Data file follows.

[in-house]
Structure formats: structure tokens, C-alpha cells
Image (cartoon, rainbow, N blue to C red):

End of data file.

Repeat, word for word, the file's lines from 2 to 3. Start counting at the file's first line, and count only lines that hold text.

Structure formats: structure tokens, C-alpha cells
Image (cartoon, rainbow, N blue to C red):